Nearly all the songs sung by Knight that I didn't include were pop and/or soul hits. Some of them were in the charts at the time the recordings were made. By contrast, the Hendrix-sung songs were significantly more bluesy, including some obscurities, such as Albert King's "Travelin' to California." It's almost like discovering a different concert inside the larger concert. (By the way, "Driving South" is often considered a Hendrix original when it's shown up on some of his albums after he hit the big time. But it's basically the Albert Collins instrumental "Thaw-Out" with some lyrics added.)
Unfortunately, the song order is all jumbled up. The order on the bootleg is different from that of the official album, and both of them are probably different from what was actually played that night, or nights, considering that we don't even know how many concerts the songs are from. So I've made some changes in the order for musical flow reasons. But I've kept the between song banter (which is mostly by Knight) in the right places whenever possible. I put all four songs that come from the bootleg instead of the official album at the end. But, as I said above, the sound quality of those are about the same. However, one of those songs, "Bleeding Heart," got cut off halfway through, and fades out. That's probably why it wasn't included on the official album, even though it's a Hendrix showcase.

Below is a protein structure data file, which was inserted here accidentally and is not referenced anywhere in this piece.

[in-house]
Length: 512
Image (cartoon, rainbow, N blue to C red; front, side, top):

I'm happy to say that after the Knight-sung songs are removed, one is left with about 50 minutes of music, which is a nice album length. (Knight does sing back up on some of the songs here, and co-lead on a couple, such as "Day Tripper." He also does most of the vocals for "Driving South," but that's mainly an instrumental.) I think it would be quite similar to what Hendrix probably played a few months later when he fronted his own band, Jimmy James and the Blue Flames, except that Knight is basically the MC doing most of the talking between the songs.